• If we are unable to provide cover for your hip and/or knee replacement but are still able to offer you a policy, there are many other benefits we can offer, including medical cover for other unforeseen injuries or illness, cancellation fees and lost deposits, or coverage for lost luggage and personal effects. 

  • What if the person i’m travelling with has hip and knee replacement?
  • If you’re travelling with someone and they’re named on the policy, you will need to make sure that, where necessary, their medical conditions are declared. For adult travel companions, you’ll need to declare their condition if you have their permission to do so and are aware of their health and medical conditions. If you don’t have permission, they will need to do it themselves.

  • I think my hip and knee replacement is covered automatically. Do i still have to disclose my condition?
  • If you meet the criteria for automatic coverage (see the top of this page), you won’t need to disclose your hip or knee replacement.

  • Why is hip & knee replacement considered a pre-existing medical condition?
  • A pre-existing condition could be anything that is chronic or ongoing, or that you take regular medication for. Visit our pre-existing medical conditions page for our full definition.

  • What if I have hip & knee replacement but I don’t get travel insurance?
  • Travel insurance provides cover for a wide range of scenarios. While we might not always be able to cover your hip & knee replacement, we could still offer cover for other unforeseen injuries or illnesses, such as luggage & personal effects, cancellation fees & lost deposits, and family emergency.  

    If you don’t take out travel insurance you will be liable to pay all expenses that you incur when the unforeseen happens.

  • What do I do if I have an accident overseas?
  • If you’re sick or injured, we advise that you or a member of your travelling party call our medical assistance team as soon as possible. Our medical team will liaise with the treating hospital, and if you are covered, may provide written guarantees of payment for reasonable expenses (subject to your claim being approved). If you are covered and approved for medical evacuation, they will arrange this, if it’s deemed necessary.

    For minor ailments, such as those that only require a GP visit, you may choose to visit a doctor, pay for your visit upfront, and then submit your claim either from overseas or once you return home. Make sure that you keep all receipts and reports from your treating doctor, including the diagnosis and treatment notes and any other documents.

    If your total cost of treatment will exceed $1,000 you MUST contact our medical assistance team as soon as possible.

    If you are still uncertain about what to do in relation to an injury or illness, please contact our medical assistance team for further advice.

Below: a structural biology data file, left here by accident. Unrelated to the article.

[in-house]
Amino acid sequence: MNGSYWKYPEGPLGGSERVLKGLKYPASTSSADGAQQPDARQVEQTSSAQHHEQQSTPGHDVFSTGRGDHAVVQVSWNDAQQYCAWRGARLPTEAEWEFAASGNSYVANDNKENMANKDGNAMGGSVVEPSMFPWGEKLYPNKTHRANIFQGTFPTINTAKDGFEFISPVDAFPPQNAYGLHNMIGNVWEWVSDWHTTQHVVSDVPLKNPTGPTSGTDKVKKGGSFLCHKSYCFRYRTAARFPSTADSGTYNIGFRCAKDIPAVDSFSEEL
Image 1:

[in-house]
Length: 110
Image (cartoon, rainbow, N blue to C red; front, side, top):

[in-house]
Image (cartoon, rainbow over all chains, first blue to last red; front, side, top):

• How does a hip and knee replacement affect my frequent traveller policy?
  • Cover for joint replacements on a Frequent Traveller policy works in the same way as single trip policies. You will need to complete a medical assessment to determine if we can offer the cover for your condition when you apply for a quote

    If you’re need to get a hip or knee replacement part way through your Frequent Traveller policy, your new condition will be considering a pre-existing condition for the remainder of your policy.

  • What if I have a hip and knee replacement as well as other pre-existing medical conditions?
  • If you have other pre-existing medical conditions that are not on our automatically covered list, then  you will need to disclose them by completing a medical assessment when you purchase your policy.

  • What if I forgot to tell you about my hip and knee replacement?
  • You should make sure that you declare your condition, because if a claim arises related to an non-disclosed condition, you generally won't have a provision to claim under your policy.

    If you forgot to disclose your condition and your policy has not started, we may be able to add it. You can call our Customer Care Team to carry out an assessment for your condition.

    Please be aware that depending on the outcome of the assessment you may need to pay an additional premium. We cannot guarantee that we will be able to cover your condition even after you have declared it on an existing policy.

    All terms, conditions and limitations will apply in the same way as if you had declared the condition when you purchased the policy.

 

READ ALL FAQS

 

Do you need to know About...

 

pre-existing Conditions

A pre-existing medical condition is something that must be disclosed when you’re purchasing travel insurance. Find out what they are and how they affect your travel insurance.

Pregnancy

You or someone you’re travelling with is going to have a baby…so you’ll need to find out how travel insurance works for pregnant women.

Repatriation

Repatriation is the process of returning a person home after a medical emergency or at worst case death. Being covered for repatriation is important, so read the ins and outs.

Vaccinations

It’s important that you have all the right vaccinations before you travel. From malaria to meningococcal, find out what you need to know about vaccinations and travel insurance.

 

Travel Insurer Of The Year 2018

One Last Thing: Handy resources 


Health Australia has handy resources for anyone who has a hip or knee replacement. They have general information, but also link through to many organisations who could help with any questions you have.

 

The risks of Deep Vein Thrombosis are higher for people with hip and knee replacements. Inform yourself of the risks and strategies before you take a long-haul flight.

 

 

 

 

 

 

Find out about DVT


IAMAT are a non-profit organization who help travellers plan a healthy trip,  and connect travellers with reputable English-speaking doctors. They are a useful point of contact for anyone travelling with a health condition.


Arthritics often travel with medication from the Pharmaceutical Benefits Scheme (PBS). Find out what you need to know on Medicare Australia’s official page for Australians overseas.